Social Housing (Regulation) Bill

The sample draft clauses and explanatory notes on the future of social housing regulation (the draft legislation) published on 29 March 2022 fulfil the Government’s promise to publish an update in March and provide the sector with long-awaited insight into the legislative changes proposed.

Whilst the draft legislation is not the full Social Housing (Regulation) Bill (nor is any timetable currently proposed for its introduction to the parliamentary process), its publication on a new website page dedicated to social housing quality, alongside details of a new Social Housing Quality Resident Panel, proposals for Government powers to ‘name and shame’ failing landlords and a factsheet about the Housing Ombudsman and how it will work alongside the Regulator of Social Housing (RSH), does provide useful clarity to address criticisms linked to the lack of progress since the publication of The Charter for Social Housing Resident: Social Housing White Paper (the white paper).

The contents of the draft legislation are largely as anticipated in line with the white paper. However, this does not make them any less significant. We have considered key points from the draft legislation below.

  1. Consumer regulation

Regulation of the consumer standards will be placed on the same footing as that of the economic standards, with the scrapping of the ‘serious detriment’ test. Corresponding provisions within the Housing and Regeneration Act 2008 (the 2008 Act) which required the RSH to have regard to information received from various specified bodies when considering whether to exercise a monitoring or enforcement power following a breach of the consumer standards will also be removed. This permits the RSH to regulate the consumer standards proactively and intervene on grounds of a breach or potential breach of them, including where, if the RSH fails to take action, this could lead to a breach of a consumer standard.

The draft legislation includes amendments which will enable the RSH to issue codes of practice to accompany the consumer standards with the aim of providing clarity to tenants as well as registered providers of social housing (RPs) on what is expected in relation to demonstrating compliance with the consumer standards.

  1. Transparency and information

The RSH’s fundamental regulation objectives will be amended to include a requirement to ensure that RPs act in a transparent manner in relation to their social housing tenants and provide information in accordance with standards set by the RSH.

The draft legislation includes the power for the RSH to set standards relating to information and transparency, separate to the consumer and economic standards. This will include stronger requirements around self-reporting (which we anticipate will be particularly relevant for local authority RPs) and also, as trailed in the white paper, requirements to publish information about the remuneration of both executives and the board, as well as management costs and other expenses.  The RSH will also be able to require RPs to provide specific information about their performance, as well as setting general standards.

Under the new powers contained within the draft legislation, the RSH will be able to set out the framework for the ‘access to information’ scheme which was proposed within the white paper, but as yet there is little detail available on this.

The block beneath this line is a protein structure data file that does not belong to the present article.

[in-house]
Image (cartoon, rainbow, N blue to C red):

The requirement on the RSH contained within the 2008 Act to ‘minimise interference’ where possible will be retained, and the draft legislation notes that in setting standards relating to the provision of information and transparency, it must have regard to the desirability of RPs being free to choose services and how they conduct their business.

  1. Health and safety

The RSH’s fundamental objectives in relation to the consumer standards will include a specific requirement to ensure that it supports the provision of social housing that is safe.

RPs will be required to identify a ‘health and safety lead’ (H&S lead) responsible for ensuring compliance with their health and safety requirements and notifying the RP’s responsible body (the board or equivalent) of any material risks or failures to comply. Details of the H&S lead will need to be notified to the RSH and published.

The draft legislation confirms the duties owed by an RP in relation to the H&S lead (who will need to be an officer for RPs with fewer than fifteen employees): these include ensuring that the lead has ‘sufficient authority’, and is able to devote ‘sufficient time’, to perform the role effectively and discharge their functions. Failure to appoint an H&S lead, or for the H&S lead to discharge their functions, will be a ground for enforcement action by the RSH. Boards and councillors should begin considering who the most appropriate H&S lead would be, and it should be noted that the draft legislation confirms that appointment of an H&S lead does not absolve the board/councillors of potential liability in respect of health and safety failings.

The draft legislation also includes proposed amendments to the Housing and Planning Act 2016, which would allow regulations relating to electrical safety to be published requiring compliance from RPs (and not just private landlords). Moves to mandate electrical safety checks have been widely accepted by the sector, bringing electrical safety in line with existing obligations in respect of gas safety.